Ladakh witnesses heavy deployment of tanks
Amid the ongoing stand-off with China, Ladhak has been witnessing a heavy deployment of tanks and armoured vehicles.
The Army is modifying tank transporters to improve its performance at high altitude. The Army is procuring high altitude kits to improve the engine performance of the Tatra 8×8 tractor manufactured by BHEL, that hauls the tank transporter trailer.
“While the kits would be procured commercially, these would be retrofitted by local field workshops of the Corps of Electronics and Mechanical Engineers,” said sources.
“The Army has already been employing high altitude performance-enhancing kits on various types of vehicles. Since the numbers have now increased, additional numbers are required to maintain operational efficiency,” said an officer.
In the summers, a substantial number of armoured vehicles, including T-90 tanks and BMP mechanized infantry combat vehicles are airlifted to eastern Ladakh to beef-up capability against the Chinese. This also requires additional support elements to be brought in.
In May, the Army had initiated a process for acquiring 36 new 8×8 tractors, which could haul loads up to 70 tonnes.
Also, a move is underway to procure light tanks in 20-25 tonnes category—similar to those being used by China—that could be deployed in high altitude areas.
These would be roughly half the weight of the 45-tonne T-90.
The Army had three regiments of T-72 in Ladakh which were deployed earlier over a period of time.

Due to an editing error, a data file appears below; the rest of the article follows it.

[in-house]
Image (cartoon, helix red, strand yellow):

As the stand-off erupted, additional mechanized units from the western and central sectors were rushed up. Though the terrain in Ladakh is highly rugged, there are a few flatter areas like Depsang, Chushul and Demchok where armored elements can be deployed.
China too has deployed mechanised forces in the area.
While some light vehicles are operating at heights of around 20,000 feet, tank transporters in the region are generally employed at altitudes up to 15,000 feet.
Steep inclines, low temperatures and rarified air at that height affect engine performance.
“In such environmental conditions problems such as loss of power and poor thermal efficiency in all types of vehicles crop up. Given the huge mass and large dimensions of a tractor-trailer and the limited maneuvering area available, high engine performance becomes imperative,” an engineer said. Fuel combustion and consumption is another issue with conventional engines.
In fact, last year a paper on ‘Impact of High-Altitude on Truck’s Climbing Speed: A case study in Qinghai-Tibet Plateau Area in China,’ in the Journal of Advanced Transportation, a Canada-based peer-reviewed international publication said that within the altitude range of 10,000—16,000 feet, the altitude had an obvious influence on the truck’s decelerating and accelerating performance.
The truck’s speed decreased faster on steep grades and increased slower on gentle grades with the increase of the altitude.
Pointing out, that the stable speed that the truck could maintain on a certain grade was lower at a higher altitude, the paper added that compared with the theoretical crawl speed, a negative effect of altitude change was found on the truck’s climbing performance.